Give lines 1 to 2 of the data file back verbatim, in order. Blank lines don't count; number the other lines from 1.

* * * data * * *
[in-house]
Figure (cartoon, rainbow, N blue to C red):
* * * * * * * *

[in-house]
Figure (cartoon, rainbow, N blue to C red):